Published 21 June 2021
This event brings together leading feminist environmental scholars to launch Blanche Verlie’s new book on the cultural, interpersonal and sociological dimensions of ecological distress.
How can we grapple with the ethical and emotional dilemmas that climate change poses? How do our theories and practices of teaching, learning and living together need to change if we are to respond adequately to socio-ecological crises? How might we support each other in the challenges of making sense of and responding to the unsettling traumas of climate collapse?
To launch Postdoctoral Fellow Blanche Verlie’s new book, Learning to live with climate change: From anxiety to transformation (available to read here for free), we invite you to join four environmental scholars as they apply feminist, intersectional and more-than-human perspectives to explore questions of climate anxiety, uncertain futures, and living as a part of rapidly changing ecologies.
Blanche Verlie is an Australian climate change educator and researcher currently living on unceded Gadigal Country. Blanche has over 10 years’ experience teaching sustainability and climate change in universities, as well as experience in community-based climate change communication and activism. Blanche has a multidisciplinary background, brings an intersectional feminist approach to her work and is passionate about supporting people to engage with the emotional intensities of climate change. Blanche is currently completing a Postdoctoral Fellowship at the Sydney Environment Institute at the University of Sydney.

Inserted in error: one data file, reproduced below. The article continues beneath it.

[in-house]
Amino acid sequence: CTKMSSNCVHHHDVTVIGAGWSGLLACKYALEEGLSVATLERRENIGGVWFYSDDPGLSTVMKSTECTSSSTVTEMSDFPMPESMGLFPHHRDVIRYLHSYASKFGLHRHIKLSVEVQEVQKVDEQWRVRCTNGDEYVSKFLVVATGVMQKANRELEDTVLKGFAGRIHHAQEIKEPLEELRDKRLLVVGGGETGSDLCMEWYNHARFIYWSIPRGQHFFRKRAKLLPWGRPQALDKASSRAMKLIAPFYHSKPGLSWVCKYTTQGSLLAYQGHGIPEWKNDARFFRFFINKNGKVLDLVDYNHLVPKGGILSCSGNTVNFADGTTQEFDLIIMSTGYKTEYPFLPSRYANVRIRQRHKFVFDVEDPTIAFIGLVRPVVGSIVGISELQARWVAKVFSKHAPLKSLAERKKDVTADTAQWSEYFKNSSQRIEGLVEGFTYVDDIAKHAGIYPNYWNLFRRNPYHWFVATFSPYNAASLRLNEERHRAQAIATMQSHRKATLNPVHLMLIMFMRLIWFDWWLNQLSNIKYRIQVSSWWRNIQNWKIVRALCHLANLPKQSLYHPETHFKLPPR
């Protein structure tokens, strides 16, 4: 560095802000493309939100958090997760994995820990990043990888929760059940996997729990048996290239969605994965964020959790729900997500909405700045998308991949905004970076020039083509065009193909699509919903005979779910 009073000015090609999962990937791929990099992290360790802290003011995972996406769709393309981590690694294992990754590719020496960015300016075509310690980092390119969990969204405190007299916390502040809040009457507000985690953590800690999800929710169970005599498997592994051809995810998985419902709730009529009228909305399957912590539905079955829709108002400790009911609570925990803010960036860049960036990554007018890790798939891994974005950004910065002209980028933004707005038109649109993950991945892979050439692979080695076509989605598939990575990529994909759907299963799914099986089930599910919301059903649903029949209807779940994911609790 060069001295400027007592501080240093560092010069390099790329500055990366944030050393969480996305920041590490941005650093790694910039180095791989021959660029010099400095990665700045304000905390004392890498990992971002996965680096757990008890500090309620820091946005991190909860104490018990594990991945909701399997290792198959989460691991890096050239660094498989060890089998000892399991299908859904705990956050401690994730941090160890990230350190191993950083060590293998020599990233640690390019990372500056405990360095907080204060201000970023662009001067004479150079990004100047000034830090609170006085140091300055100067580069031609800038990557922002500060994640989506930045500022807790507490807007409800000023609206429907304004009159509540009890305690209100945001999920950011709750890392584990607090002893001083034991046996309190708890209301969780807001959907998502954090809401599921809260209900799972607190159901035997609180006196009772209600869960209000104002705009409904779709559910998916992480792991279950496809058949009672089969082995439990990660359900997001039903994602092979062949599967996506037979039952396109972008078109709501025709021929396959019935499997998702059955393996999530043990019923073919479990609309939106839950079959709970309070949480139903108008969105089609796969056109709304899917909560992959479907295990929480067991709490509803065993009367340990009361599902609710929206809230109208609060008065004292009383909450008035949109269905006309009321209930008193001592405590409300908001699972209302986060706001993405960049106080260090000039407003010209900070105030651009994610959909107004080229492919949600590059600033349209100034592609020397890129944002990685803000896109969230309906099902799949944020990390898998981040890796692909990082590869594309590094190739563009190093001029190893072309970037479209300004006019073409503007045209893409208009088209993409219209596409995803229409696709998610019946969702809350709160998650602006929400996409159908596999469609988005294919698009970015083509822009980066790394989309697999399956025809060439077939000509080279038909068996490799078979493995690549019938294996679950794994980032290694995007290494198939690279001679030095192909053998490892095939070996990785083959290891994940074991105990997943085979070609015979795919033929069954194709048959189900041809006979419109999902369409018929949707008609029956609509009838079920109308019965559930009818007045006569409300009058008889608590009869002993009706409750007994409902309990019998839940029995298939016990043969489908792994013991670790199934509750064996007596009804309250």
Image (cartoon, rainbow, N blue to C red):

Astrida Neimanis is Associate Professor and Canada Research Chair in Feminist Environmental Humanities at the University of British Columbia Okanagan, in Kelowna, BC Canada, located on the unceded lands of the Syilx Okanagan peoples. Astrida’s research focuses on water, weather, and embodiment, often emerging in collaboration with other writers, artists, and makers. Her most recent book is Bodies of Water (2017).
Sarah Jaquette Ray is chair of the Environmental Studies Department at Humboldt State University, on Wiyot land. She is the author of The Ecological Other: Environmental Exclusion in American Culture (2013) and A Field Guide to Climate Anxiety: How to Keep Your Cool on a Warming Planet (2020), which is an existential toolkit for the climate generation. Her current projects are a book and website called “An Existential Toolkit for Climate Justice Educators,” and a professional development workshop for higher education professionals, the Climate Curriculum Lab, which builds capacity to address students’ psychosocial relationships with climate change.
Professor Mindy Blaise is a Vice Chancellor’s Professorial Research Fellow, in the School of Education, Edith Cowan University, Perth, Western Australia. She is also Co-director of the Centre for People, Place & Planet and Co-founder of the Common Worlds Research Collective. Her transdisciplinary and postdevelopmental research with the more-than-human uses responsive, affect-focused and creative methods to rework a humanist ontology. She is interested in how the more-than-human and feminist speculative research practices activate new meanings about childhood that sit outside the narrow confines of developmentalism.